The Courier News from Blytheville, Arkansas on January 16, 1934 · Page 4
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The Courier News from Blytheville, Arkansas · Page 4

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Blytheville, Arkansas
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Tuesday, January 16, 1934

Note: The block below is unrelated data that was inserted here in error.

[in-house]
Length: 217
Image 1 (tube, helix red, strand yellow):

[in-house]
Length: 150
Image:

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. BLYTHEVILLE COURIER NEWS TUB COUJUKl NEWS CO., PUBU8BBB* O. R. BABCOOK, WtOT ' a. W, HAINES, Bole N»tku»l AdrertUlng R«prmnt*Um: ' Arluubu* DtUlea, Inc., New Yort, Ohl««fo, Detroit Ot Louta, DallBi, Kanou Oibr, Uttt* Bock. futlhhtd Ererv Atttmoon Bieept Catered.as Mcond class matter it 'M post offlcf at BlythevllJe, Arkansas, under act of CongrcM Oe?.-~ tober 9, 1917. Served by tne united Preaa. SUBSCRIPTION SATSS By carrier ro tho City or aytlwrUle, lie per Keek or «6JO per ycsr In adranee. By mail a-Uhln a radius ot GO mile*, W.OO per year, (1.50 for six months. 86c for three moQttu; by mall lh postal zones two to six, Inclusive, K.50 per year, In zones seven and eight, $10.00 per year, payable In advance. Society Nou) Qjjers a Neu) Freedom A guiillcniiin we know set out lo leach his small tliiughter .something about the .stars the other night. He pointed out this ojje and thnt one, and then fried to show her whom tho nig Dipper was. S!ie had (rouble in seeing it—and presently the senlleman discovered, to his iimaxumcnt, that the youngster never in her life had seen n dipper and didn't even know what one was. To a member of the older generation, this looks like a very will lack of knowledge. The old familiar dipper, • that always hung in the kitchen where yon could dip il in (lie water bucket for a drink, or in the stove's lioi-water reservoir for .'lish water, was a.s famih'ar a part of h'oi|schold cijiiipment as the living room lamp or the bedroom washslamj, ; . •. A child of our generation' could as easily have been ignorant of the appearance of a. knife and fork as of a dipper. But tilings are different now, ' and the gentleman who made this little discovery felt that the change was somehow symbolic. » » » In the old day the eitiy.ci 1 . .got his water supply by the simple process of digging a well—or, possibly, going to the town; aumi)—hanlin/r up n bn'cket and putting- it on the kildiMi table. A well, a bucket, a piece of rope, anil a dipper—Unit was id! there was to it. Nowadays the process is bo Hi simpler and more complex. It's simpler, in that all he does is turn on a faucet and let the water run out of its own accord. It's more complex in-that the faucet won't work unless behind it there is an intricate framework of reservoirs, pumping stations, aqueducts, filtering plants, bond W.SIHJ.S, tax bills and the lil;e. • • . The citizen, in other words, has gained simplicity at tile cost of great complexity. He needs to expend ojily an infinitesimal amount of energy to get what he needs; but lit- needs, at the same time, to be a member of a society which is very closely integrated, a society disciplined and cohesive, in which co-operative effort for the OUT OUK WAY COUK1EU NEWS common gootl is a neco.ssity which never is forgotten. By becoming ;i nu'inber of such society, he forfeits a measure of his individual freedom. Yet it is futile for him lo want to gu buck. The dippcr-und-cistcrn days arc- as irretrievable as the jilat'ijcoiicli era. And even if (he dlizon could exchange what lie now has for those old diiys of "freedom," it would be a bad bargain. We have to linil our freedom today through co-operation am! not through individual achievement. Il is there, all right, if we go after it right; and it eventually will prove mora solid and lasting than the freedom of the old era of simplicity. Gallon. The Submerged Fourth Observers of such thing.-, tnvc recently remarked ujxjii ths Inrijc percci'.ME'- of the rural iwpnlallon, while nnd b!nc!;. in fie South which has been on Ihc relief rolls during the past year. And this has brought lo public notice Ihc fact thai about one-fourth of the population i of the ten cotton .slates Is made up ol sliarc-lcnanis nnd crep^is. most ot whom live at n very low standard, even In times of pros- Parity. The jwrcenkigc of sharc-tenantf and croppers Is not quite thai high In Texas, tiwt the population, white nnd black, in rural Texas that lives at n low standard com^ very close to being one-fourth. And tnkiug the colWn slates as a whole, the population v:o;ilrl be even higher thun that. It is fully recognized by southern leaders Uiat Iti2 problem of cotton tiiiantry is undoubtedly our chief problem. The crop hcn- syslcm. of which tenantry :ind cropping are the most proml;ieni aspccls is not a good system for' anybody conccni'.-d in it. Ttie landlord Is its victim no less th-'.n the tenant, for it L-i a ivaslefiil syslwii, dm'niclive of cnp- lial unil slubborr.ly iuerl In pjlalion lo pro- grrss. The prontnblc and clllcioni producunn of cotlon in Ihe-future is jolng to require mollification o_f this system, if nclhing else requires' it. - . But aside from this, the .submerged fourth of the population of the soulh presents an obstacle to economic, anil serial progress which must be dealt with effectively it iccovery is to be followed by any hojjc of genuine improvement of social nnd economic contlSilons in the south. No region with so laitc a part of lU riopulalton living so near the level of bnre SUD- sislence can Hl'.aln lo a high degree of permanent prosperity nnd wcll-BeiiiL'. So long as this condtllon csirts, the south will continue to be backward In <r,cry respect, economically, socially, educationally, culturally. And the cotton stales are at the very bottom of the list in ilicsc respects. —The Texas Weekly. mwm If I play a concerto, it must IMIVC IU> Iraine- work. like n picture. —Jose Itnrbi, faniuus pianist. * * » Love in (lie movies now is sweet, and simple. Not that love Is simple—bul you know what I mean. — Claire Trevor, movie nclress. » • * European royalty cannot be clffsc;! as Ucing more fascinating than American men. —"Princess" Barbara Hutton Mdivanl. , » * » We must recognize the fact tint in America today our fundamental problems are human and that our monetary ones arc hut by-products, after all. • — MaJ. Gen. George V. li. Mosclcy, commander of tiis Fifth Corps Aica. TUESDAY, JANUARY 16 1934 By Williami WONDER WHY 10 SOME FELLERS WANT TO HA-NT^ fflf R c PER fH l LAMPS. SAME REASON SOME FELLERS NEVER WANTED A DRINK TEL. THER WASN'T S'POSED TO BE ANY. SIDE GLANCES By George Clark \ ... \ CHURCH EXCUSES By Gco. W. "You don't really netd people it' you have othi'r interests." One American in Thousand Is Addicted to Narcotics BV IJK. MOKRrS FrSHBKIX , of cure. Once -, ii<-.-.-=oi> has become Idilor, Journal of the American, :icl(Ilcteri to .some 'I these drugs. Mcdir.il Association, and <if Hygela, the Health Magazine One of every IOTO persons in the United S-.ates is a victim ul orug addiction, am; there arc fmir .Imcs as nmny ' cases of addiction imong men as an-.ong women. Moreover, there is much more ot this condition In tlie large cities .ban in Uiu country districts. The drugs, or narcotics, include 'ot only opium and cocaine, nnd their derivatives, hist alcohol and tobacco as well. The "populariiy" if each drug seems to vary among the different countries. For instance, in Egypt and Itie. Fin- Easl, there is much addiction he can lake mimrii'? doses \vhtch ivould kill an oni'jian' man; he i eveloiis wlial is ceiled a tolerance lo the. drug. This tolerance so-ins to be assa- ciated in some manner with a change in the eel:.* of (he tody fiid imiiculaily 'y.th changes in certain glands. When the pcrsor. is taken suddenly on the dni'j he suffers unusual symptoms. !'oi this reason control ot the condition and at- lempls lo cure [lu^t 1 who are lul- dictctl are exccfdii-fly difficult. to hashish or hcnnp. or to thc-U 1011 is '"cntnl ami iha^ tome kind . In of treatment ol th" mir.rt is nrces- 1 authorities nciee that ttie niosi nrucotic artchc- kind drug called cniim-bis Indica. I . some places Ihere is more addle- 1 Ea|1 >' lo bring about permanent rs- tion -to cocaine than to opium. 1 covery. In ihc United States the „..„ cr.llcd heroin is so well controlled tral heroin addict ion is not so serious a problem, whereas in foreign countries it may be tho most serious of all. In Egypt, there arc addictions to this drug among children 15 years of nge and among old people over 05. Ami it is found among all classes o[ people. Practically all U'.I-BC (truss are used la medicine and the amount of addiction Is deli.: mined in some . cases by finding rut much more of the drug ir. produced than actually is used in medical care. For years there has hccu a great deal or research on the nature ol addiction, with a ucw to its pre- v»ntlon and to finding out methods ANNOUNCEMENTS The Courier Ncv\s has been au- Ihori/ed to announce the follon-lng n." cnndidatcs for Di.blic oflice, sub- Jccl to the Democratic primary next August: For Member of C'um;rcss CLINTON L. CALDWELt, For County Tieasurrr JOE S. Dll.LAHUNIY For Circuit Court tlrtk HUGH CRAIG For County Court (lr r k I FRED FLEEMAX . I For Rc-Electlon for 2nd -[-erm For Asstbsur R. L. (BILLY: OAI.Nf.s G. C. (IKE) HUDSON after Ihe drug has been withdrawn completely from Ihe p.alicnt. Obviously, then. H is exceedingly important lo disco-.vr Ihe reason lor which the patient first began taking the nuularly. Some- . limes this is for relief from pain, bul in many inor? instances it is t'or relief from son'.:- mental strain or in relationship ti some maladjustment in manint;e or sex life. Next, it is important, to know whether tlic patio 1 .'.', continued lo l»ke the drug of l!i« own volition, or wnethsr he was introduced gradually and perhaps s cm i- conscious ly mtc its regular u'-c Tliere are .some itdicts who take drugs regularly simply becnuse they never have a feeling of well- r-ping without the diiif. Of this type particularly aiv older pcojde \vlio musl take certnin amoitnls of alcohol regularly, -.r younger people under a slrain. uho find Ihcm- ce!ves unable to b'.-ar Hie burdens Dial are upon Lhe.ii. Tlirrc arc other people who arc sensation hungry who take the drugs in search cf thrills which otherwise seem to le lacking from their cnviionmcni / The kind nf mental treatment ^ivcn to these people depends on Hie mechanism of their intrcxluc- I'on to the drug i:;d the reasons (or its continued i:te. Final control of '-.;c addiction depends on continuous education ol the reason and o: the will. FOR CITV OFFICE Election Tuesday. Apri: 3. For City clerk S. C. CRAIG ItiKECiHEKK Footprint -j! Ttmc BARTON. Vl. iUP) _p. \V. D.-i:no:i ivas oloarji r tlie ledges at Ihc Crystal La!:i- i-.anite quarrl.X-, when he discovcrca boneatii two icet ot earth that had not been leinovrd for --ceiitiTips. a granite boidcr with a human foot print an inch deep in :lv.- surface. 1778-- Frar-re nizes of Jim—that's my husband—says he once lieaid of a man that always settled his most difficult problems by saying, "Let by-gones he bygones." if we could only get the minister of our church In exactly that frame of mind, we should have no trouble in getting him to accept our church letters though they arc many years old. Of course, we both realize no*- that when we were ready to move here, we should have demanded our letters from (he home church and just, as soon as we were settled here gone, right Into the church, never would have thought that • could have as much trouble and notoriety over so small a thing us a church letter. I still feel like it would l>e just as well to forget about the letters and start going to church and get vc- iglon again or over. It might he better, as no doubt, it is quite different now to what it was years gone by when we both got. 'ours. At least, It seems a lot easier to live with than when we got ours. A lot of people get it and go right on, never giving it a thought. At least, it looks that way to Jim —that's my husband—and I, aiid I've heard others say the same thing. (Copyrighted.) Not a "Kish" Story IONIA. Mich. (UP)—Donald and Harold Martin. wl:o set a trap to catch a miiskrat, caught a four- pound carp instead. The fish's tail was held securely in the jaws of Ihe steel trap, which 'end been set in a small pool leading to a creek. CLWOUS THE VAST UNEXPLORED AT THE SOUTH POLE, IS 6ELIEVHD TO BE./teOur THE SIZE OF THE UNITED STATES AND MEXICO COM6INED / WHEN FOOD 15 SCARCE IN THE EARLY SPRINGTIME. ROBINS FREQUENTLY BECOME. /NTOX/CATED FROM EATING FROZEN FEKMENTED APPLES' .. AFTER HEN EGGS HAVE BEEN INCUBATED FOUR OfeS, THEY ARE EXAMINED AND THE UNFERTILE ONES ARE SENT TO MARKET. 'iJkf-^ ^ Ktil ' is" srifl"ilVe"'l'a>»est S "eogr^?c^ t rnystei-y en the sunaj of Ihe earth. Geographers are not certain that it is one large co tinent. It may bq made up of smaller islands. Many uf iis secrets w yield to the ever challenging explorer, but .it is prr>bat!e the Antarctl will still be a land of mystery a hundred' years trc-m now Jtc MABEL McELLfQTT III-:CI.Y nr:iiE TOB.tr ' : .\'' SY MO in: 1.1, nn d TOM MK.IVKIt lire imirrltil the »,»; ilsiy n» l.ll.A IIOTAI.ING nnd l>|:iU:iv III.1SS. l.iln CMICCI. lu Uvc In luxury, untie Gyiisj- In- li-njn lo KO on «lih her Job, u-:ii'Iilnc In rt Htttlrmcnl jchool. On ihc flm nluM G?|i*y and Tuni KiiruJ In thrir Nf\v York • lini-lnipnl VKKA Kit AY. nn old friend or 'fitm-n. terrjijtunr*. J.nter * crn mil* niul fthe and Gypsy dli- Jiko fnch oilier. Week* Inter l.irn nnd DtTcfc rc- tnrn frum thHr l:iiri>i>cnn honL-y- Miniin. I.ll.i luvlu-s the \Venvcr> in tUnnur, Arming the cucxl* Is Mini ojici- asl;ed Cyimy to mnrry lilm. He xhiMvrr* her Milh nllen- ilun* u]m-[i .she .ii-rrrls lier:iu*e «ht- i» jrnli.u* of Tinir* interest In HILDA III..\\01IAIUI. After tnc imrty Tnni and Hypny «:}-|>iy» |i:irents. nnd Slill CAXA- %.».V. nn nlil frlonil of f.v,,«,-.. <;ill,S()\. ^ »i)U»m, NOW CO ON WITH Till: STOIIY CH.AI'TKII .XI r pHK slrcels were full ct scurrying crowds. Already, although I* was early afternoon, tlie lamps were lighted, moons glowing in a blue dusk. All along the avenue three lamps made a ch.iin and people, hurrying past through the snow, scuffled on without noticing. The shop windows were gay with linscl anil ribboned hoses and t'lit- lerins Ihiug-i to eat and lo wear. The (rouble was, Tom Weaver wanted uono of Ihese. He wandered alons, willi his coat collar up. blaring and puzzling about what to get Gypsy. Kho should have (he thought) that delicious silvery squirrel coat ii; the corner shop. She should have a glitterini; Etriiiq: of real Jewels to adorn her prclly threat. And he sroancd to himself for n sluuid fool Iwcause he couhl not buy her these things. Christmas! Oh, it would IK a E'ovious thins i[ a man couhl 30 out with his bund In his rocket a:ul buy what he saw—this and this and this—without ever ashing the cost or comillvi; it afterward! Only the trouble was. sonio ot 113 have to consider the landlord and the Krocer and the tailor. 1 \\Vd love to mnke a grand gesture, Tom told himself, only we're worms and 'va.ue shires and we haven't brains •J.'imisli to corral enough money to do it. So he trudged .ilo;ir. slarim; uiimdiiy into dm this window and Ihen that one. Christmas was only four days away and still he had iiothln; for Gypsy. Ten dollars— fifteen—twenty—Hint was the veri- most he could si>end. At last he bought her a hottlc of sconl—mimosa, il wns—;iud a hf.'ok the had Iweij wnntin^ ;tmi a Ii:iir of gloves, long, sleek, white one*. Christmas morning ho would dd roses and hsr favorite ramlv. >SY found herself babbling to him of. all sorts of things. The wai(re.« fluttered over, removing his order lo her table,' and they settled cozily down to a talk. He was tuave. he was nolibhcd, thought Gypsy, and yel you felt he really cared what hapnened lo you —to .ill his friends. She (old him ahont her atlcrnoun. How Tom would have hated lo hear her! Bul indeed there was nothing difloy;il in her roiiversalion. It was just an innocent oiiluouring. I'l-csciilly Marko k,,ew every- 'I'K. Almit Toms ,,it. and ihc watch sho wanted lo S ci him. hut coiihln't, and the apartment and all the rest. dear child . . .'• i lis cvcs were almost suffused. That was one eniiiari-.-is.On- tliins aboiii Marko lie wept easily. "My dear child, you' rc.ilfy niu.-it lei rue help you " All at,nice she rc.ili ? .cd'wi : at slie IIi!£ he was slill dissatisfied III? I fun v«.,"',," "?'.?' lovc ''' It3 mood of discouragement l,u,, s o^r | '"v» I, ™ n "*W- Jv"", ***, I hi.,.. It was a half day at the lieV.e! «,- inv^n" I \ T "' oHic?. lie had nothing fur;!-.cr to • liui th.-,; waslhn w ! " 1 >' t . lll »E(in and (Jypty herself was shoppiur. ! l) ;i h!iic r u c - ,.- bcias a Jlr.l he was not conscious ot the ' warned her i " or lw<1 allva - V5 C'inlstmas spirit, lie was disgusted -.Vi... no" wlih lilnuelf for not being n cap. i hand -::>w ] platinum watches. He carried his father's heavy old one and it stuck when you tried to open it. She wanted to buy him an opulent blue sattn dressing gown, so that ne might look like a second-act hero. She wanted to buy him a top hat, because he would look iso;!weU. In one, and Derek •Bliss owned one. But how? After a while she got dreadfully tired. During the early part of the afternoon fha crowds had given her a sense of mild exhilaration. But now that feeling had dwindled and she was conscious mainly of an acho in her shoulder and of Immense fatigue. You were pulled this way and that. You never knew which way you wore .going. Tlie crowd sucked, you in a'nd drew you along like the tidu. Somehow she found herself In a little corner B«-<?et-shop. it was more eipensiTe than those she usually patronized but she was actually too tired to go any farther at the moment. She looked down at the menu in its silver holder. Tea and toast would restore her feeling of galety. Sho s=at hack, giving her order, and glanced about her. Quite without warning, her eyes met those of the. man at the next table. He had risen ... he was . now lie was coming toward her. "Marko!" Gypsy murmured. And indeed he was the last person on earlh yon would have expected lo find here! Marko's manner with her was perfect. No hint, now, of the discarded gallant. No, he was almost fatherly. How was she—and that handsome husband of hers? , , i '""'" went l.^lyo,, X, 'for C^uf na^ j nr^^ the twins. Sl.o l,:.d a ri I bitten „„ Vi ,- " iil rf.fc crept! kimuna for <.,ll t ,l .., mc ') ,. Hut Tom? lie war- last on|l,,,=, ,'" " bcr list, because eldest ami best I Ma^,, loved, lie ncodr-1 - ol,. rvc.y. j *,!,! , H ' 'ike yo,, hasn't ""'" , , "" ' n i ^ L .**« " lwie rc ' cs ". '" '° C1onvi " 1cc w '» »h« tiling! K.i:-k.i and lies iiml shins '. w.nnrn ir>luir't',, ..,,, VM " r '"' fit glijvcs. Hut what prosaic : him! N:iiin,,i|y u,^ w .," w 'j " I linr,:;-. thwislit (;>•!!.->•. liii:noi-.nsly. j had ihiiiiKht Mic mr',,,, 'i^r ,'hcc''s to rut un the altar of the loved -urn-nod nt t!, e t| lollsh , >• "«•"», D ''f.', . I „ '' Sho ''" i£llci1 "" '«<*' and Marko Mut BUS wanted, really, was m :..;i-J (or II. Hj a [ ur rollarrd -mi tur hire •/!• i>t IhOJS ws;fi:-.-th!>e''tis fipi>n«ir ? SC fi »,,, '^ V..J look a Ijtlle tike a corpulent singer. Gypsy was conscious .< beads laming to watch then (hey left tit ehop. She was j as \ about to give htm h«r hand in n'art Ing when a great car illd up r r(m no where and a uniformed E>ai| bold open the door. "Nonsense, my. dear, I'm drop ping you wherever you want to go.'l Marko handed her in, aiid a fur rud was wrapped around her wet loshcs. The door shut noisclcsslj and the motor slid forward. Murki] held a lighter to his cigarct. "Look here," he said, exhalin slowly. "I've an idea for you n earn some extra money. You ha Saturdays, haven't you? Ah. thcnl you remember liyw you ailmlreil my library. It's- sadly in need ofl cataloguing. Something I've never] got around to. You could do itj for me." * « * QYPSY'S eyes were round with! pleasure and excitement. Tlii was something else again. Tahiti help from Marko was, of cours< quite out of the question. Ho mus understand, once and for all, thit she. wasn't in the class with tin pretty ladies who "worked him" for| the sweets of life. Hut if she could do some real work- for him, work that reeded lo be done, that was another matter. "I— you're terribly nice to think of it." she murmured. The details were nrniused. Marko was most husinesslike abo'it it all. No one in his senses, tlnu;it Gypsy with pride, could have silt- pected-him of an tinn-orlliy motivi. His man would be there to rccciia her, everything would he ready. This was what 1 .' The twenty-first? ^VelJ, she could slart work the following week, if she liked. "And, of course. I ahull give you an advance." llarko smiled. Vypsy protested, tint lo no avail. A banknote was pressed into her reluctant palm. Murt;o bad given her address lo the chaufic!;r through (he speaking tulie. Imt shs had scarcely noticed that they were drawing up before bcr own rtoor. "Saturday, then!" Marko handed her nut as though she were a princess. Gypsy turned and waved guadhy. Then she sped like a:, avrov: through the Hying snowllaii'.-i iaio the lohby. Surely that was Tuai's tall figure she had seen, just rou-.id- • ing the corner. She was conscious :j of heightened color and n.inrlicr.cd i; heartbeat. She told horjclf t!i:-: Tom ncctlu't know about her PV.I. with Marko just now — he mi;:!;-. not like il, and Ihcrc was no ;:;d (inarrcling about il. The hallhny held the clcvjtor door wide and (lypsy slip;i-rl -vl;;i- in. aluffiug Ihc hill into her purse. ] She had t-carcely done s-o h;.'o;-e !i' Tom Ftrorle through the lobiiy. "Here comes Mis:' Weaver," ib: l.'oy grinned, (Jyptj- w.r; tciTih:/ ncrvouF. Had Tom srca her enter? His look of plcasjd tiirprit-c aaJ his srcctins dispelled the suspicion. Tbc words were 0:1 the lip of her tongue. "1 just ran Into Marko llroaghlrm . - ." Hut. she fought them back. Knaie- Ibiup warned her this was not a prontlious lime lo tell hi:". T!.o banknote burned. It rccntcd '« ?.;.-. through the thin lining of :. C ; pune. Oil, sho wouM buy Tom ij n platinum witch. .She ivouM Slvn him a really nice Chris tin; 3 present. Because she had taken a !i;ht. nine glance at the note jus; l<;(o:9 Toaj entered. It was a ?;•> bill, .(To Be Continued)